Iga Ware


The origins of this ware date back to sometime between the second half of the 7th century and 8th century A.D. At the time, a type of earthenware called sueki was being fired and in the early days, seed pots used by farmers were being made. Subsequently, however, it seems that temple roof tiles were produced.
Much later on during the Momoyama period (1573-1600), when the tea ceremony had become popular with the warrior class, the name of Iga ware associated with tea bowls in particular became well-known throughout the land, due in no small part to the fact that the feudal lord of the Iga Ueno clan was very knowledgeable about tea and pottery. From the beginning of the Edo period (1600-1868), the thickness of this ware was reduced under the tea master Kobori Enshu and called Enshu Iga. By the 18th century, the foundations of the present-day production center for Iga Yaki were established.

More robust than Shigaraki Yaki that is made in a neighboring district, Iga Yaki is also slightly heavier. Various changes take place during firing to produce variations in color and shape according to how the kiln is fired. It is such yohen, "happy accidents" as the production of a glaze with a glass-like quality and surface stains from the firing as well as the sturdy forms and colors of the pieces, which characterize this ware. Everyday pieces of tableware are now made alongside traditional pieces of earthenware, flower vases and teacup and pots. It is the responsibility of the craftsmen to sustain this most ancient forms of pottery.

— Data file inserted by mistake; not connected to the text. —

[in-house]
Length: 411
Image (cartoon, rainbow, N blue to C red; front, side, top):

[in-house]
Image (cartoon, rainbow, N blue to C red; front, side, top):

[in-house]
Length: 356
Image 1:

It is harder and somewhat heavier in comparison to the nearby Shigaraki yaki. Depending on the conditions inside the kiln during firing, the color and shape of the pieces change in a phenomenon called "yohen", but the way a glass substance called vidro and how the glaze scorches, and the shape and color of the pieces themselves are what distinguishes Iga yaki.

How to make

There are two methods in creating the clay used: first, the dry clay is broken down as-is, and then it is dissolved in water, then strained. The resulting clay is formed using a potter’s wheel, coil work, or slab work. Then, the surface is marked with cloth, a spatula, or other tools before bisque firing, then it is painted and glazed before a final firing.